Other cutbacks we noticed were less
people staffing attractions (Country Bears, Circle of Life,
Food Rocks, etc. all used to have someone inside the auditorium
with you, giving directions. Now you hear a voice over the
loudspeaker). No big deal, but definitely a cutback in customer
Bathroom maintenance was hit and miss.
Some were spotless as in the past, others were filthy. Urine
splatters around urinals, and overflowing trash cans used
to be unheard of at WDW. We had two rooms at the Wilderness
Lodge and both rooms had battered furniture that needed refinishing.
We also noticed battered doors in the lobby rest room and
the largest cobwebs I have ever seen on the ceiling rafters.
All these things are normal wear and tear, but used to be
taken care of sooner.
Last, but not least, is the replacement
of butter with "butterine" and margarine. How penny
pinching is that? We asked for butter instead of margarine
or "butterine" and were told there wasn't any. When
we explained how we don't eat margarine, we were told that
it was better for us and that is why Disney replaced butter
with "butterine"! Not only don't I need Disney telling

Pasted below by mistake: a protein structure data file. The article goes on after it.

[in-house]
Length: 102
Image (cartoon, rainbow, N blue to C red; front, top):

me what is healthy, but they seem to forget that they have
served butter for 30 years. Also, butter is a natural fat,
while margarine is chemically altered oil. The main reason
we don't use margarine is due to allergies. Fortunately, some
of the table service places still serve butter, but not all
We had a good trip, but it was definitely
not the same level of service we are used to at WDW. We all
had the feeling of being nickeled and dimed by Disney. I am
writing a similar letter to Disney and enclosing a few nickels
and dimes to make that point.
Thanks for letting me share, Brian.
I apologize for being so long winded.
I wish I could write and say that you're all
wet, Steve... But I've noticed the exact same deterioration.
And Robert adds this
additional information: Brian, Great web site!
We are planning to arrive in mid-August,
and stay for 12 nights. We had planned on early check-in at
the All-Star Sports, then head over to 8:00a.m. Mass at Luau
Cove in the Polynesian Resort. On Sunday, we were again planning
on going to 8:00a.m. Mass, and then to a 9:20a.m. character
breakfast at 'Ohana.
However, a few day ago, we called
WDW to get more details on early check-in, and mentioned to
the gentleman on the phone about going to 8:00a.m. Mass. He
told us that it has been discontinued! Only the 10:15a.m. Mass
is now available!
With all of the other cutbacks. the
most disappointing being the elimination of Early Entry days
and the non-opening of River Country, this really has us ticked
off! Of course, there is no corresponding decrease in prices
to go along with the decrease in services/options. We now